Domesday Book was commissioned by William the Conqueror (1066-1087) at Christmas 1085. It was designed to show who held every piece of land in the newly conquered Kingdom of England. It was known colloquially as the Domesday Book because it was seen as being as final as the Last Judgement and as difficult to conceal things from. The book does not cover the whole country - Cumberland, Durham, Northumberland, and Westmorland were omitted and London and Winchester likewise, along with some other towns. A separate book, called Little Domesday covered the counties of Essex, Norfolk and Suffolk and, despite its name, it is actually bigger and more detailed than the Great Domesday Book containing the other counties.
Four separate holdings for Great Barford are mentioned in the Domesday Book. All were held by Hugh de Beauchamp who, within ten years would be created Baron of Bedford. The first of these holdings was tenanted by a man named Rhiwallon, who also held land from Hugh in Chawston and Roxton. The holding comprised three hides and contained three villagers, five smallholders and three slaves - these were the heads of household and the total needs to be multiplied by a factor of at least four to allow for wives and children - so a total of around fifty people.
The holding contained a mill. At this date a mill means a watermill, as there yet were no windmills in the country, and so it seems as if Rhiwallon's holding included at least some of the bank of the River Great Ouse. This mill was valued at 22 shillings and 80 eels. In 1066 the manor had been held by three freemen of King Edward the Confessor and had been worth £3. When Hugh acquired the manor it was worth just 30 shillings, though it had risen back to £3 by 1086. It is suggested by historians that the reason for the general lowering of the value of manors in the area is accounted for by William I's armies coming through Bedfordshire on their way to put down rebellions in the north. They would have lived off the land and no doubt have committed certain acts of vandalism in what was, to them, still alien, even enemy, territory.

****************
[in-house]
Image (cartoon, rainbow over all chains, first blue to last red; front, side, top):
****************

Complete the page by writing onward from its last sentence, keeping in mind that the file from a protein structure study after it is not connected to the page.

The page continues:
The second holding was tenanted by Wimund of Tessel and comprised five hides and "two parts of one hide". It included sixteen villagers, six smallholders and a slave, so perhaps about ninety people in all. It, too, had been held by three freemen and had been worth 60 shillings in 1066, which had fallen to 20 shillings when Hugh acquired it. Clearly Hugh made a considerable investment in the manor as, by 1066, it was worth £10.
The third manor was tenanted by Ansketel the priest and had one and a half hides, one villager, six smallholders and three slaves - around forty people. Like Rhiwallon's holding there was a mill, indicating a riparian location. This mill was worth seven shillings and so was about a third the value of Rhiwallon's - maybe this meant that Ansketel's mill had just one pair of stones and Rhiwallon's had three. In 1066 two freemen had held the manor, then worth 40 shillings, unusually the same value was when acquired and in 1086.
The final holding was tenanted by Theodbald and comprised one hide, three and a third virgates, having one villager, eight smallholders and a slave - again a population of around forty - giving Great Barford as a whole a population of around two hundred and twenty, a large settlement by the standards of the time (around half the size of Leighton Buzzard, for example). In 1066 Theodbald's manor had been held by three freemen and had been worth 60 shillings, this had fallen to 20 shillings when acquired by Hugh but had risen to 40 shillings by 1086.